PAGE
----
For counties with a sales increase from last year, the average gain was 26.6% in February, compared to 22.7% in January. Thirteen counties experienced sales declines with Merced dropping the most from a year ago by 33.9%, followed by Siskiyou (-33.3%) and Merced (-28.2%). All major regions recorded double-digit increases in the median price increased from last year with the San Francisco Bay Area growing the strongest at 26.5%. The year-over-year increase in the Bay Area’s median price was the largest since September 2013, and it helped to set a new record high in the median price for the Bay Area. The Central Valley region had the second highest price growth rate of all regions with its median price increasing 19.1% year-over-year in February, followed by Southern California (16.4%), the Central Coast (15.9%) and the Far North (11.7%). All 51 counties tracked by CAR reported a gain in median price on a year-over-year basis, with forty-six of them increasing more than 10%. Mono had the largest price growth of 105% in February, followed by Santa Barbara (51.9%) and Siskiyou (47.3%). Seventeen counties set a new record high median price in February. Of the five counties that had a single-digit median price growth in February, Plumas had the smallest gain of 2.6%, followed by Lassen (4.6%) and Solano (8.5%).
The Unsold Inventory Index inched up from 1.9 months in January to 2.0 months in February but dropped sharply from a year ago, when there was 3.6 months of housing inventory. The index indicates the number of months it would take to sell the supply of homes on the market at the current rate of sales.
Active listings fell 52.5% in February from last year and continued to drop more than 40% on a year-over-year basis for the eighth consecutive month. On a month-to-month basis, for-sale properties inched up slightly by 0.4% in February and should climb further in the coming months as the market prepares for the spring home buying season and the pandemic situation continues to improve.
The available supply of homes for sale continued to tighten up across the state, with all major regions at record low levels not seen in the past 10 years. Three of the five regions, in fact, declined 55% or more in active listings from last year. The Central Coast region had the biggest year-over-year drop of 55.6% in February, followed by Southern California (-55.4%) and the Central Valley (-55%). The Far North (-46.3%) and the San Francisco Bay Area (-29.2%) had relatively smaller declines in their regional housing supply, but their inventory levels remained significantly below last year’s level.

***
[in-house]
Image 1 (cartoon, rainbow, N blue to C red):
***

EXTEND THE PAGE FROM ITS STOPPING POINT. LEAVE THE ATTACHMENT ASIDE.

The median number of days it took to sell a California single-family home was 10 days in February, down from 23 days in February 2020. CAR’s statewide sales-price-to-list-price ratio was 101% in February 2021 and 99.1% in February 2020. The statewide average price per square foot for an existing single-family home remained elevated and improved solidly on an annual basis.
At $338, February’s price per square foot was the highest since July 2007. The price per square foot was $283 in February a year ago. The 30-year, fixed-mortgage interest rate averaged 2.81% in February, down from 3.47% in February 2020, according to Freddie Mac. The five-year, adjustable mortgage interest rate was an average of 2.83%, compared to 3.26% in February 2020.
The County MLS median price and sales data in the tables are generated from a survey of more than 90 associations of realtors throughout the state and represent statistics of existing single-family detached homes only. County sales data are not adjusted to account for seasonal factors that can influence home sales. Movements in sales prices should not be interpreted as changes in the cost of a standard home.
The median price is where half sold for more and half sold for less; medians are more typical than average prices, which are skewed by a relatively small share of transactions at either the lower end or the upper end. Median prices can be influenced by changes in cost, as well as changes in the characteristics and the size of homes sold. The change in median prices should not be construed as actual price changes in specific homes.
Sales-to-list-price ratio is an indicator that reflects the negotiation power of home buyers and home sellers under current market conditions. The ratio is calculated by dividing the final sales price of a property by its last list price and is expressed as a percentage. A sales-to-list ratio with 100% or above suggests that the property sold for more than the list price, and a ratio below 100% indicates that the price sold below the asking price.